It’s 3 in the morning and you can’t fall sleep. You’re tired of tossing and turning in bed, and you decide to take a pill to be able to get to sleep. You look in your medicine cabinet and find two different types of capsules. One is small and red, the other is larger and blue. After reading the two patient information leaflets, you confirm that both have the same active ingredients and at the same concentrations. Which one would you take to sleep?
If you take the smaller red pill, you’ll sleep fewer hours and you won’t sleep as deeply. On the other hand, the blue pill will give you more hours of sleep and a better rest. The expectations we have for the medicines we take influence their effectiveness. The simple act of having taken a pill improves headaches, localized pain and sleep disturbances. This is the well-known placebo effect.
On the one hand, a larger size predisposes us to expect a better outcome; a bigger pill equals a more effective pill. On the other hand, the color red is instinctively associated with danger. This is probably so because it is the same color as blood. The color blue, however, makes us feel more relaxed than other colors. This might explain the blue pill’s greater effectiveness. The same experiment works all over the world… All over? No! A country populated by unyielding Italians still always defies this experiment.
We could relate Italian passion for their national soccer team to the color blue (azurre in Italian) in such a way that when an Italian man sees the color blue, his subconscious automatically relates it to soccer. His cultural conditioning erases the placebo effect of tranquilizing blue… perhaps. Today I want to talk about the placebo effect in our objects and products.
According to Wikipedia, affordance is:
An affordance is a quality of an object, or an environment, which allows an individual to perform an action. For example, a knob affords twisting, and perhaps pushing, while a cord affords pulling.
Similarly, a “False Affordance” is an apparent affordance that has no real function; that is, the user perceives an object to have a possible action, which in reality does NOT exist. Put that way, it doesn’t seem very interesting, but with an example it will be understood better.
We live in an environment surrounded by buttons and switches. You press a switch and the doorbell rings; you press another one and a bottle of fresh water falls from the soda machine. This behavior is constant. Using buttons, we give orders, and our orders are listened to and interpreted. Neither how it works nor the orders that are transmitted interests us. We are only interested in the result of our request.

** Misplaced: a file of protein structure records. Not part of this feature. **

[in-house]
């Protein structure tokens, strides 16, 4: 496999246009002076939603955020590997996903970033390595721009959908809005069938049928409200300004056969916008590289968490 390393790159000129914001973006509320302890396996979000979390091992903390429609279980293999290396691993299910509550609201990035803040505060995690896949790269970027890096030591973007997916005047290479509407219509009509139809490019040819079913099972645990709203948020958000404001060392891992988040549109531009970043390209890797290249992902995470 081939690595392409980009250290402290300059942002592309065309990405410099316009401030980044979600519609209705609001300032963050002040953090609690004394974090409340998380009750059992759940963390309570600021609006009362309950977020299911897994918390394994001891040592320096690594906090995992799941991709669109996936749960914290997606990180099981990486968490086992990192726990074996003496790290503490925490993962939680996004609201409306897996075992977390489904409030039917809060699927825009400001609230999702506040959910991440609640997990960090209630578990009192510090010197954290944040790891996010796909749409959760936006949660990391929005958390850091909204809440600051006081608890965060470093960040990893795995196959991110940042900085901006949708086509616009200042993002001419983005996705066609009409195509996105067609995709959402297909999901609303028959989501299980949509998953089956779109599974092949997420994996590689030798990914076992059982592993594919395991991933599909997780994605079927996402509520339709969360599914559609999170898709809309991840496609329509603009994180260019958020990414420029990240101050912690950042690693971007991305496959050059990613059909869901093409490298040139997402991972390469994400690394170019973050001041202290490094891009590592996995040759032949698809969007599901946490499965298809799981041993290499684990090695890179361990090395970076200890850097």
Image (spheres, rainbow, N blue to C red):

A “false affordance” would be buttons placed in such a way that they give the impression that they perform a function, but they really do NOT. These buttons are known as “Placebo Buttons,” and we’re surrounded by them.
According to an article published in 2008 in The New Yorker, most door close buttons in elevators don’t work. In some cases, these buttons broke years ago; in others, these buttons existed but only worked with a key used by maintenance workers or emergency personnel; other times, the functionality of closing with the button was not included in the installed elevator; and in most cases, there wasn’t even wiring to connect the button. Conclusion: in a large percentage of elevators, this button did not perform any function.
But how does this fake button work in our brains? After the button is pressed, a few seconds later, the door will close. It has to anyway. Your brain will activate the rewards system, and its interpretation will be that the system works correctly at your request. Your behavior will be reinforced. In the future, most certainly, you will continue to press buttons to close doors. What’s more, the more times you press the button, the shorter the perceived elevator door close time will seem to you:
Within our systems, the buttons, controls, options, etc. with “false affordance” can offer a positive illusion of control. Strategic use of these elements, depending on the context, would improve the perceived quality of our products.
Buttons for pedestrians at traffic lightsare another fantastic example of the placebo effect and the sense of control in everyday objects. For some time now, computers have been in charge of the traffic lights in our cities. But there was a time when crosswalk buttons allowed pedestrians to change the status of the traffic lights from red to green. The vast majority of these buttons don’t work nowadays, but replacing them or removing them would be so expensive that city councils keep them there even though they are inoperative.
The feeling or illusion of control is completely natural for us. That’s why we like to think that we have the ability to influence outcomes , even though deep down we know it is random. For example, it has been proven that when playing craps, we tend to throw them harder when we want to get a high number and softer when we want to get a low number. It doesn’t matter that we are aware of the impossibility of our wishes. The placebo effect and the sense of control remain.
That is why I want to end this entry with something amazing that will improve your life in the silliest way. I present to you the “Placebo Button”. Visit this website, type in what you want the button to cure and click on it. We all know that this button won’t do anything, but you can’t tell me that a pleasant feeling doesn’t wash over you when you click on it. It’s crazy. It’s science. It just might work.
Happy Mardy Gras!
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